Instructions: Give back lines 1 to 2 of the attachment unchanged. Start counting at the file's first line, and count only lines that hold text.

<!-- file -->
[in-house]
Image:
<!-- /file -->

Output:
[in-house]
Image: